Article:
A covenant of change
The mornings are crisp these Southern days. The humidity drops; I can breathe deeply again. Energy courses through me. I will accomplish much today. Instead, I pause for long minutes and sitting very still, I look at the yard, listening, thinking. This morning in particular, I have spent hours watching the birds as they come and go. More species are visiting me than ever before. I am transfixed by their activity.
While conducting an interview over the telephone, I forget to ask questions. ''Something is happening,'' I say into the mouthpiece. ''The birds are restless. Do you suppose there'll be a major change in the weather?''
A change is coming, and everything within me is tuned to a high pitch. The wonder of anticipation, of change and yet of permanence.
When Maria left for school, for the eleventh grade, I kissed her and said, ''Can it be possible, my love? I think we are fooling ourselves. You are just going to the second grade, and we are only pretending you are grown up, aren't we?'' And Maria smiled at me - her eyes dark and sparkling with suppressed amusement - and she was for a moment again the little girl I was so reluctant to send to school each morning. Maria has changed, and yet she remains Maria.
I feel no regret at the thought of the child becoming a young woman, only a deep quiet joy that I have been given the gift of watching her grow.
In a similar vein the subtle and then obvious changes in Nature delight me. I take them in with all my senses, season after season, year after year. How wonderful life is. What a comfort it is to know that fall will come again, that colors will paint the leaves to dizzy variety, that the evenings will be cool and we'll use a blanket, and then the winter will come and we'll burn a fire and be thankful to return home every day. And before we get tired of winter, spring will come again.
I rejoice in this gift of the regularity of cycles and the wonder of change. I am like a child, noticing the pine needles falling noiselessly from the trees, laughing at the antics of the squirrels, clapping my hands at a baby bird's victory in flight.
But then, no longer as a child, I drop into melancholy.
''What if the change doesn't come?''
I shudder and admit to myself that for the first time since I heard of that awesome bomb falling on Hiroshima, I am seriously considering the possibility that a nuclear war may occur. Before, though the bomb was in existence, as it has been most of my life, I had always found comfort in the words of my father, ''Whatever happens, our lives are in God's hands.''
Have I stopped believing it?
No, I don't think so. But now, I find it very difficult to assume that the unthinkable will not happen. The folly of men in high places and the inhumanity of armies and individuals against the helpless devastate me.
My grown-up Niki, so serious and full of faith, said the other day, ''Mother, I don't think it would be good to bring children into this world now.''
And I did not contradict her.
This is why I sit here today, studying the birds, watching the color of the leaves on the dogwood, contemplating the wonder of change, praying for the predictability of change.
Why did I not contradict my child's fear?
Part of it, I know, has to do with the futility one feels in dealing with men in power; part of it is the numbness of recognizing the destruction hidden in nuclear arsenals. But what has that to do with faith?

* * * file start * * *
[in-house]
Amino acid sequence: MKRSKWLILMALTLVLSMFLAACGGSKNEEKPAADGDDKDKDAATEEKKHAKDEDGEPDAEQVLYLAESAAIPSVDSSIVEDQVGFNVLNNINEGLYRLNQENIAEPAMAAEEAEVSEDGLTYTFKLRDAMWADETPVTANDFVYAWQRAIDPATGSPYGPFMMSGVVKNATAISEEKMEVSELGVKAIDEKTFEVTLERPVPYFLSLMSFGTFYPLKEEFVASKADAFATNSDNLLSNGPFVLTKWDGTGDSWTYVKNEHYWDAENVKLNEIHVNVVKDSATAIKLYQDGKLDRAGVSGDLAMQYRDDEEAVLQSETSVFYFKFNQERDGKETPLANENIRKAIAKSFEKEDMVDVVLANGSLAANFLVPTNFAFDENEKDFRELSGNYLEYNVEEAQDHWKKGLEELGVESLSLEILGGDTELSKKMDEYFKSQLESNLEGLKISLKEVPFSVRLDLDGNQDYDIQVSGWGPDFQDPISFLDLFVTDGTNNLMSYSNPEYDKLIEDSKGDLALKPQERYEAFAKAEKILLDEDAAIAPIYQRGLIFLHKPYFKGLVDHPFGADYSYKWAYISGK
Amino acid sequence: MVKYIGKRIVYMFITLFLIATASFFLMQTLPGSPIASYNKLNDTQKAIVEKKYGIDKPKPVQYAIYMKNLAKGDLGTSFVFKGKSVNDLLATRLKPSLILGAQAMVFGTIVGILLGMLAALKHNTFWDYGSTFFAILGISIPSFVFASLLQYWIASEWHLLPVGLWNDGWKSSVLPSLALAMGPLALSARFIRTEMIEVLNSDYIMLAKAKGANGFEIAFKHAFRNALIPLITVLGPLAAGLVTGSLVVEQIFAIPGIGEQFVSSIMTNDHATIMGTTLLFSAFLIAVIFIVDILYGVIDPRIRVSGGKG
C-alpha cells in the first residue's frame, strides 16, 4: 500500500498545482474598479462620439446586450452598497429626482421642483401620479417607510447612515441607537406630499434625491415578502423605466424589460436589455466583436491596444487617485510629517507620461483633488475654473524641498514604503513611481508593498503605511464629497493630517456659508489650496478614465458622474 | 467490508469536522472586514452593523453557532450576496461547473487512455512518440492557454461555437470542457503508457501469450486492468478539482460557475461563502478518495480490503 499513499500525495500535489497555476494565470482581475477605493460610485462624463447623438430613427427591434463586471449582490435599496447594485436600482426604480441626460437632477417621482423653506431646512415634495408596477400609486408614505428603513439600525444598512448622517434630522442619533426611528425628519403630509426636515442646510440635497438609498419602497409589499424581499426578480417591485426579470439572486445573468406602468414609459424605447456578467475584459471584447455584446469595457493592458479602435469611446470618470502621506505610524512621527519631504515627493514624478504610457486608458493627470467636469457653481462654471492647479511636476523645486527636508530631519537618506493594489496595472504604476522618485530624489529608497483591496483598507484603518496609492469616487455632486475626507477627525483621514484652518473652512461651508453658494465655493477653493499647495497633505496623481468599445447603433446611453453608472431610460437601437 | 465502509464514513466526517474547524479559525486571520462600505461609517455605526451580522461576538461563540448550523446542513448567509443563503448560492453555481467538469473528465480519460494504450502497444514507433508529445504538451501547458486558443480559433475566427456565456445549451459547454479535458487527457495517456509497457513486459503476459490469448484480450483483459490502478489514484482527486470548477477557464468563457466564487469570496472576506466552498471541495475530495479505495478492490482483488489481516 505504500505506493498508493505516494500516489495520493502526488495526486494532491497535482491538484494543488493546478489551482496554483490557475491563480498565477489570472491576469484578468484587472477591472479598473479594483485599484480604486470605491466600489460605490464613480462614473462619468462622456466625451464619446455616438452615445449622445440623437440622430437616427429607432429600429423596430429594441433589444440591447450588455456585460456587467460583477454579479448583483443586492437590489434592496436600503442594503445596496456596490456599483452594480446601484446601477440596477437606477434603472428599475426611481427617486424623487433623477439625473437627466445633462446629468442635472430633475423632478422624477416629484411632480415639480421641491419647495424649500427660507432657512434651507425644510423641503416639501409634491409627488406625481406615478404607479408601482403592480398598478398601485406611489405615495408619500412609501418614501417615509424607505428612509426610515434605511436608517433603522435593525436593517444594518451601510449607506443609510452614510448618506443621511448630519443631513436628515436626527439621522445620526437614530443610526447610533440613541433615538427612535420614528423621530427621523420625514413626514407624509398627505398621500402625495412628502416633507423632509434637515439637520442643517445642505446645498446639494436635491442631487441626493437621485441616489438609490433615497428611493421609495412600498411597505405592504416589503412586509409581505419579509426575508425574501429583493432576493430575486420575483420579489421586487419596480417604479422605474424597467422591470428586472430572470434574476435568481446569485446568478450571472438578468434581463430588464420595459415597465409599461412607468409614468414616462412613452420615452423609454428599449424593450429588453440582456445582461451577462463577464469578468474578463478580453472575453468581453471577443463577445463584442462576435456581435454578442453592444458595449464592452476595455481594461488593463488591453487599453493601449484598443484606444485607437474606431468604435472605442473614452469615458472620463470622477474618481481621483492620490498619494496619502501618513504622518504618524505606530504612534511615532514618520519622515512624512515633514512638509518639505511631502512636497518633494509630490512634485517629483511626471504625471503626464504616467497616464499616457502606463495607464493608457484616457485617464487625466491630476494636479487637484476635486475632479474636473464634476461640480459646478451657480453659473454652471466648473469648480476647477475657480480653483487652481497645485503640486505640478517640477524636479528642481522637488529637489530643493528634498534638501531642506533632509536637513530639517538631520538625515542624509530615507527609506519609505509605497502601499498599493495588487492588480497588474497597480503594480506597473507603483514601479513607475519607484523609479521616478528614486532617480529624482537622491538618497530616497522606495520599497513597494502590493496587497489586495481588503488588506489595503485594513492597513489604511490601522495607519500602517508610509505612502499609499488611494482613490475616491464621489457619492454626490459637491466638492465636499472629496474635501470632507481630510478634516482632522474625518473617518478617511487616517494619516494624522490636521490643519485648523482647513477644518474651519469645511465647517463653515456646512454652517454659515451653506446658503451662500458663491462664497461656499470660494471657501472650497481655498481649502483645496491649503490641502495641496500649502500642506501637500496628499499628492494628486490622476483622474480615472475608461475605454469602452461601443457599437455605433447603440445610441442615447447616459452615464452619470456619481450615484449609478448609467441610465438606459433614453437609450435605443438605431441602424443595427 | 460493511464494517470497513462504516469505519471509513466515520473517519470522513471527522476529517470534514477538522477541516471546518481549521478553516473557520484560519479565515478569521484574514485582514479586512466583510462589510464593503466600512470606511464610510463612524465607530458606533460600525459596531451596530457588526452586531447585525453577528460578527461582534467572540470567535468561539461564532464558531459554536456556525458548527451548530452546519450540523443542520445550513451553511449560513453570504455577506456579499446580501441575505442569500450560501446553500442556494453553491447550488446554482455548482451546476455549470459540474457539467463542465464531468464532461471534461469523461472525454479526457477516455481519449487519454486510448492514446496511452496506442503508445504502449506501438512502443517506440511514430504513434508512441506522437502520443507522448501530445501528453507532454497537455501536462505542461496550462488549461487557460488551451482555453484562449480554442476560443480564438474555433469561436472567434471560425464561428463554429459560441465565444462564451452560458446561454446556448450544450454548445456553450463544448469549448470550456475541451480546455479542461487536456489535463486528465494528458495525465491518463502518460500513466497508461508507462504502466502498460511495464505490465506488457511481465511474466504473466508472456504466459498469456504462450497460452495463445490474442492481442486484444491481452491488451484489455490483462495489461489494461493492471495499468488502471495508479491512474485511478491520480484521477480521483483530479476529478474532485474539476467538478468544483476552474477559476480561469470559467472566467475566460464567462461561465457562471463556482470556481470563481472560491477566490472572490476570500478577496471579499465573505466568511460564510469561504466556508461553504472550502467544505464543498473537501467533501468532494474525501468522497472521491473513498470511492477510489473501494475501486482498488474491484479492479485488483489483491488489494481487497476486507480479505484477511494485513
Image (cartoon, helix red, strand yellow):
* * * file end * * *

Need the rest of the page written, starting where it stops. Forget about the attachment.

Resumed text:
Hummingbirds suddenly swoop on the feeder, and instead of drinking the nectar , chase each other in futile flight. How much like us human beings these pugnacious little creatures are.
A memory of the war in Greece arrives unannounced. On the nights the bombers flew over Thessaloniki, the sirens would first warn us with their screaming howls. It was a horrid sound for little children to wake up to. Immediately, our father would open the bedroom door and say quietly, without alarm, ''Do not be afraid, my children. I am here. We are all in God's hands.''
Daddy's familiar voice, the reassurance of faith. He meant (I know that now), ''even if the ultimate comes, we are still in God's hands.''
But I did not reassure my own child.
A soft, unexpected darkening has permeated the air. I feel very calm, yet exceptionally alert. The grass is covered with eager birds. They are on their way south, confident of change. Squirrels are storing food, confident that winter will come. Even the fighting among the visitors to the feeder comforts me somehow. It is time, they tell me, to make sure our food is here.
Change. Nature is sure of it. Am I?
I have passed from doubt and melancholy to a quiet determination.
As the light outside has changed imperceptibly, so my emotions have stirred from vagueness to specific assurance. I cannot sit in despair and lament the possible destruction of this earth I love. The time for passivity and easy answers is gone. ''Make me an instrument of Thy peace,'' St. Francis prayed. Nothing passive about that.
I will start by preserving peace with those nearest me, my neighbors, my friends. I will write about peace, without giving up. I will demand actions of peace from those in power. My prayers for peace will be active. This is a covenant.
We have always been in God's hands, and will continue to be. The ancient Greeks had a saying, ''Syn Athina, Kai hira kinei.'' Together with Athene, move your hands also.
I will clasp hands with my child and say, ''Let us make a covenant of peace so that the covenant of change may continue on this lovely earth.''